In practice, a NPC must fill in an application form to the Ministry of National Economy (MoNE) to access funding. The application is then forwarded by the MoNE Company Controller to the Preventive Security and the General Intelligence agencies for approval. If approved by both security agencies, the application is referred to the Council of Ministers for discussion and endorsement. If rejected by the said agencies, the application process is halted and the request is not submitted to the Council of Ministers. In this case, the NPC cannot access funding. Al-Haq has received complaints against security agencies, which have rejected NPC requests for funding, and has published detailed comments on the NPC Regulation, showing how it violates the provisions of the Basic Law and relevant international standards, how it is inconsistently applied on the ground and yet remains in force.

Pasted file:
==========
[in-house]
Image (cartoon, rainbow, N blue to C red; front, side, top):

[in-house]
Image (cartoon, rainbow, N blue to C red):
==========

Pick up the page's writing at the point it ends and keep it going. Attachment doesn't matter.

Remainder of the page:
Al-Haq notes that Palestinian NGOs can be registered by the Ministry of Interior under the NGO Law as amended. NGOs can also be registered by the MoNE as NPCs in accordance with the NPC Regulation, which was amended in 2015. Under this Regulation, NPCs are considered companies without a profit-making aim. Financial revenues, if any, may not be distributed to respective shareholders. These are used to accomplish the company’s goals and objectives, namely, to provide economic, social, cultural or developmental services, which seek to improve citizens’ social, health, artistic, cultural or educational conditions. These are the same goals pursued by NGOs, which explains the continued attempts made by the executive to assert control over both NGOs and NPCs by placing constraints on their activities, programmes, and funding sources.

Continued Attempts to Control NGOs